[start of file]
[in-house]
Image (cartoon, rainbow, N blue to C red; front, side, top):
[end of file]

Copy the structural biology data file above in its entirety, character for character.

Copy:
[in-house]
Image (cartoon, rainbow, N blue to C red; front, side, top):